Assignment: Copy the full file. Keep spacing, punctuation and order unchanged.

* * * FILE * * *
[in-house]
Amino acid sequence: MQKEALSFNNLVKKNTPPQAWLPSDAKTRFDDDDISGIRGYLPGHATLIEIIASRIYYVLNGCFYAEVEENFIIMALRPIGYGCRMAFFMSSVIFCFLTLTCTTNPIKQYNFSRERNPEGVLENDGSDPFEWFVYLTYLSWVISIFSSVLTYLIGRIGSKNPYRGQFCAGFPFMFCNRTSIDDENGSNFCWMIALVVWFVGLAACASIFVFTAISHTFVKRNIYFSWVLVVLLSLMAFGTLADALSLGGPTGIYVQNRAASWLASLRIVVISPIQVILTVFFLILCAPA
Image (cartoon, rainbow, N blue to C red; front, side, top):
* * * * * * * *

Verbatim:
[in-house]
Amino acid sequence: MQKEALSFNNLVKKNTPPQAWLPSDAKTRFDDDDISGIRGYLPGHATLIEIIASRIYYVLNGCFYAEVEENFIIMALRPIGYGCRMAFFMSSVIFCFLTLTCTTNPIKQYNFSRERNPEGVLENDGSDPFEWFVYLTYLSWVISIFSSVLTYLIGRIGSKNPYRGQFCAGFPFMFCNRTSIDDENGSNFCWMIALVVWFVGLAACASIFVFTAISHTFVKRNIYFSWVLVVLLSLMAFGTLADALSLGGPTGIYVQNRAASWLASLRIVVISPIQVILTVFFLILCAPA
Image (cartoon, rainbow, N blue to C red; front, side, top):